Residents left in the cold with Kelham Island development

When residents moved into a new development in the up-and-coming Little Kelham they were thrilled with their green homes.

Thursday, 4th April 2019, 11:21 am
Updated Monday, 8th April 2019, 5:32 pm
An artist's impression of the new tower (left). Residents say Bakers Yard is already overshadowed by the block on the right on Russell Street

The eco-friendly passive houses in Bakers Yard promised solar heating, rain water harvesting, airtight properties and a green rooftop but more than four years on, residents say their are living in cold homes and don’t even have street lighting.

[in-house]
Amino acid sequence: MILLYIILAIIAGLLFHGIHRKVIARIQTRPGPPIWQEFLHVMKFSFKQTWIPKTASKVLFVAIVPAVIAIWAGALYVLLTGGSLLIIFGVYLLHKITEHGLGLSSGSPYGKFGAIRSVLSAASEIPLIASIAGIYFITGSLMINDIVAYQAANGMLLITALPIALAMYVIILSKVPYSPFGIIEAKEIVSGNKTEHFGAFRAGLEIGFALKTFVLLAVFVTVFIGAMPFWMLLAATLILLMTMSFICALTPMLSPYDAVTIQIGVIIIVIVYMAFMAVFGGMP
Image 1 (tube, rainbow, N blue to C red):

Developers Citu were this week given permission to build another slim, five-storey block with a shop and two apartments close to the existing homes in Bakers Yard.

The plans were controversial and were only marginally passed when planning board chairman Coun Peter Rippon pushed them through with his casting vote after councillors were completely split.

An artist's impression of the new tower

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A number of residents attended the planning meeting, not only to object to the latest development but also to complain about their existing homes.

Citu was originally going to build an energy centre, which residents say would have helped boost their heating. But the foundations were put in too close to the existing homes, just two metres away.

The energy centre was put on hold and Citu then abandoned that idea and instead asked – and was granted permission – for the five-storey block.